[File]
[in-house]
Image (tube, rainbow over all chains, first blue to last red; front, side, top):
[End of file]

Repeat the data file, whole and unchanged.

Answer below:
[in-house]
Image (tube, rainbow over all chains, first blue to last red; front, side, top):